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Tuesday, August 16, 2022 at 10:00 am
CLACKAMAS COUNTY FAIR & RODEO August 16-20, 2022 10am - 10pm
Clackamas County Events Center 694 NE 4th Ave. Canby, OR 97013

Salem Keizer We Stand Together Education Forum
Wednesday, August 17, 2022 at 7:30 am
Celeste Guptill has been involved in some facet of alternative education for over twenty years. She has participated with several different homeschool methods, researched and advocated in Salem-Keizer for charter schools. She is going to present several options for alternative education models available and give tips on how to access those, to help you find what will work best for your family.
The Rec, 3500 River Road North, Keizer

Oregon State Fair
Friday, August 26, 2022 at 10:00 am
Which part of the Oregon State Fair are you most excited for? We'll keep adding to the fun all summer long!
Salem, Or

Washington County Candidate Meet and Greet
Wednesday, August 31, 2022 at 6:30 pm
Join our Washington County State House and Senate Candidates and Oregon State and National Candidates to discuss issues that are important to you, your family, and your community. Refreshments provided.
King City Clubhouse 15245 SW 116th Ave. King City, Oregon 97224

Linn County GOP Gala and Auction
Saturday, September 10, 2022 at 5:00 pm
Keynote Speaker Dave Sanderson, 2009 "Miracle on the Hudson" survivor.
Linn County Expo Center

Washington County GOP Reagan Dinner
Saturday, September 17, 2022 at 6:00 pm
Tickets for Reagan Dinner 2022 in Hillsboro September 17th, now on sale at, featuring former Secretary of State Mike Pompeo.

Oregon General Election
Tuesday, November 8, 2022 at 8:00 pm

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Tort Reform Adjustments
Oregon removed the distinction between economic and non-economic damages

Tort reform has been a long-debated subject, and one the Oregon legislature seems to avoid. Tort law is based on the principle of fault or negligence requiring the party at fault to pay compensation. Tort reform is legislation that limits the amount a plaintiff can recover in compensation in a personal injury lawsuit.

Legislation attempted to cap non-economic damages in 1987 leading to the Supreme Court ruling making it unconstitutional in 1999 and again in 2013.

They determined that non-economic damages as a question of fact that must be decided by a jury and the legislature may not interfere with a jury’s assessment.

However, in 2016, the Oregon Supreme Court reversed its previous ruling finding that, in most instances, legislation can constitutionally impose caps, eliminating a blanket ban. However, there are exceptions.

It stipulated that if the cap is a “paltry sum” in comparison to the award decided upon by the jury, the cap no longer applies. Oregon has capped non-economic damages in wrongful death cases at $500,000, and that also applies to medical malpractice.

Under ORS 30.273, the Office of the State Court Administrator (OSCA) calculates and posts the annual adjustment to the liability limitations under the Oregon Tort Claims Act. Effective July 1, 2022 OSCA adopted the new “paltry sum” for state and local public bodies for personal injury, death, and property damage or destruction.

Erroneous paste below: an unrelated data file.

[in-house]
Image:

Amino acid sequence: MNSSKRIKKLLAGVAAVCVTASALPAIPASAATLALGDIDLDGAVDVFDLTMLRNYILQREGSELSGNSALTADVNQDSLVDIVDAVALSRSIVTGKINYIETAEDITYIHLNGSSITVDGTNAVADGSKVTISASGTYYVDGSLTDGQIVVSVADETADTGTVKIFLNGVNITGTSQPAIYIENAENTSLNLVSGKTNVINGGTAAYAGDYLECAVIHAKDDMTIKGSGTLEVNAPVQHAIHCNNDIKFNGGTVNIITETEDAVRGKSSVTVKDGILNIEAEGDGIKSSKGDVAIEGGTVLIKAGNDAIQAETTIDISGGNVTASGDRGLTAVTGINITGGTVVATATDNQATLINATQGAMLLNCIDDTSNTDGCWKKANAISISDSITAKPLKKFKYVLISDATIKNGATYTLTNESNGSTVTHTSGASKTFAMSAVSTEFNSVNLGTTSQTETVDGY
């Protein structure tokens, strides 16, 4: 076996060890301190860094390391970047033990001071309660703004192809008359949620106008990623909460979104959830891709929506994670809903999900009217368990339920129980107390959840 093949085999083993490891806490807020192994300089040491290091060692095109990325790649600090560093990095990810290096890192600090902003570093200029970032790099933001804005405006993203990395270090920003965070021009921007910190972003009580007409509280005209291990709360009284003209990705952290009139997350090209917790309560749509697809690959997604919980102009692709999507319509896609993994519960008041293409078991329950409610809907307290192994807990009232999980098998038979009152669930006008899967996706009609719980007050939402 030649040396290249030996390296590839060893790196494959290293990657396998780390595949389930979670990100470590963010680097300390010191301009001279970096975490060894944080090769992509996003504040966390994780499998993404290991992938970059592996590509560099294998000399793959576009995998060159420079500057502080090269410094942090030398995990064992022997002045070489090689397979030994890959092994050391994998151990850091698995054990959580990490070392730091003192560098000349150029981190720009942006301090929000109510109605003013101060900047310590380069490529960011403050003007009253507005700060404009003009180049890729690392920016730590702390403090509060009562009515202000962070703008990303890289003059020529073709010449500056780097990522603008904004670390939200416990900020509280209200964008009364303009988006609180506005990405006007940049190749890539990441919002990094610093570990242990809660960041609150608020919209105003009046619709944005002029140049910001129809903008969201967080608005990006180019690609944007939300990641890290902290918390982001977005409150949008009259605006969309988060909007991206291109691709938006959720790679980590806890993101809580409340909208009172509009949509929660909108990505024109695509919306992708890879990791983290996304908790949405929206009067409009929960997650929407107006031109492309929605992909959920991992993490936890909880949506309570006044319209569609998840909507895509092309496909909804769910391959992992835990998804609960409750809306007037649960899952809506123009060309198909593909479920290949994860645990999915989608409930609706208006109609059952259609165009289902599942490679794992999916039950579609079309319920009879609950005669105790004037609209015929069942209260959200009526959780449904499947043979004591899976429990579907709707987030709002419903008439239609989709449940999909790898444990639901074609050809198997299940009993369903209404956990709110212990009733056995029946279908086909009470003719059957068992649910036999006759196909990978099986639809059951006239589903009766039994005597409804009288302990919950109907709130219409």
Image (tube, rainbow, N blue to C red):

Tort claims table of liability limits shows an increase of 74.4 percent over the past ten years.



How these awards got so large is in the passing of SB 311 in 2009 when they removed the distinction between economic and non-economic damages.

It made major increases to the Oregon Tort Claims Act (OTCA) from $200,000 to $1.5 million for state entities: Oregon Health Science University (OHSU), the State Accident Insurance Fund (SAIF) and the Oregon Utility Notification Center. It increased the per claim damage limit to $500,000 for all other public entities; increased the per occurrence damage limits under the Oregon Tort Claims Act from $500,000 to $3 million for the state entities and to $1 million for all other public entities; increased that per claim limit by $100,000 per year and the per occurrence limits by $200,000 per year until 2015; increased the per claim limits for all other government entities by $33,333 per year until 2015, and the per occurrence limits by $66,666 per year; increases all property damage limits from $50,000 per claim to $100,000 per claim and $500,000 per occurrence; and provided the amounts to adjust based on the Portland-Salem OR-WA Consumer Price Index for All Urban Consumers up to three percent each year.

SB 311 also created a Tort Claims Task Force to revisit the issue of tort liability of public bodies to convene in 2014. It would appear that has never happened. Perhaps the Office of the State Court Administrator (OSCA) created in 1971 is filling that function. OSCA oversees Oregon's statewide, state-funded court system. The Chief Justice of the Supreme Court is the administrative head of the Oregon Judicial Department (OJD), and appoints the State Court Administrator who serves as OJD's chief administrative officer. Nancy Cozine was appointed in 2018 after making an impactful presentation before the legislature on Oregon’s public defense system.

In 2022, SB 1584 passed with bipartisan support to exempt compensation for wrongful convictions from the Oregon Tort Claims Act and award a yearly amount of $65,000, and while on parole or post- prison supervision or required to register as a sex offender awarded $25,000 yearly. Oregon was one of only 13 states that were not compensating for wrongful conviction.

--Donna Bleiler

Post Date: 2022-06-03 07:52:36Last Update: 2022-06-03 08:21:56

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